Tuesday, July 07, 2009

For the REALLY old Computers: FreeDOS

My friend Jon pointed this out. I've used FreeDOS before (especially on the Zenith SuperSports and the PS/2 Model 25) and it's quite friendly... for a DOS clone, at least.

From the website:
FreeDOS is a free DOS-compatible operating system for IBM-PC compatible systems. FreeDOS is made of up many different, separate programs that act as "packages" to the overall FreeDOS Project.

We welcome new users to FreeDOS. You can contribute to the FreeDOS Project by downloading our latest release and telling us what you think. We have a bug tracking system that helps you report problems and submit requests, and otherwise tell us how to improve FreeDOS. By participating in the development and debugging process, you help everyone.

What's amazing is that the developers are still hammering on it, adding features (like USB support) and improving it. So while it will likely work quite well on those truly retro relics in your parents' basement, it likely works even better on that Pentium 3 in your own closet.

Friday, March 06, 2009

Tonight at CCCKC: Retro-Computing Live!

Tonight, Frogman and I will be giving a talk about Retro Computing as part of Cowtown Computer Congress' Grand Opening events.

The main focus will be tips for getting the most out of old tech, and of course how to determine if your old tech is worth hanging onto. Of course, we'll spend some time talking about the kinds of things that old computers are still relatively good at.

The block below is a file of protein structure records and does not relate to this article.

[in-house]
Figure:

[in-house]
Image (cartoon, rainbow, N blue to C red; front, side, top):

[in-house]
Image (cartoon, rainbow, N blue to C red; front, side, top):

We'll be demonstrating some old hardware that we've amassed that still works just fine. The Jornada 720, The Blackintosh SE/30 (shown left) and others will be present.

I'm still not sure what time our talk will be. Likely after 7pm.

Cowtown Computer Congress Underground Lab
3101 Mercier Suite #404
Kansas City, MO 64111

Tuesday, July 08, 2008

The Ye-Olde Tech Museum

At work, we have a few who remain passionate about retro-computing. Here are some photos from our collective shrine of stuff that still works (and a few things that don't!)

Squarely in the "Does Not Work" pile, a SCSI Drive used for rifle practice: Just try to get data from this:

This luggable still tries to boot. Maybe I should bring in some DOS floppies and see if it actually works. No internal hard drive present.

This is how most of us retro-grouch-geeks feel about Windows XP/Vista:

On the right: a working acoustic TDD terminal that (I believe) can be hooked up to a computer to use as a 150/300 baud modem. The various "removable" media present? I don't know that it still works, but I do know we have no drives to test them with.

A 386 laptop doing what Windows 3.1 does best: Solitaire!

Instant classic: a full-blown Apple //c rig, complete with plenty of apps on 5.25" Disks and a line printer:

Friday, April 04, 2008

jLime Linux on the HP Jornada 720

I picked this up used about a year and a half ago. It's supposed to run Windows H/PC 2000 but after having shelved it for a few months, I figured I could blow it away and start fresh with something new. I'll outline more a bit later.

Saturday, December 30, 2006

Old Vs. New

Manufacturer: Apple Computer
Model: Black MacBook
CPU: Intel Core2 Duo, 2.0GHz
RAM: 1GB, PC2-5300, 667MHz, Dual Channel